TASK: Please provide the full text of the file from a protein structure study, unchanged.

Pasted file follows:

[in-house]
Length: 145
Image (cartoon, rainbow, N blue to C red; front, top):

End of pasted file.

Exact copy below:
[in-house]
Length: 145
Image (cartoon, rainbow, N blue to C red; front, top):